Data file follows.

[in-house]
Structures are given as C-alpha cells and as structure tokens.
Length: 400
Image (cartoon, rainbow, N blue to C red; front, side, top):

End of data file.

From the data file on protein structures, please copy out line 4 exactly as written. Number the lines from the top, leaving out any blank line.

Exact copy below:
Image (cartoon, rainbow, N blue to C red; front, side, top):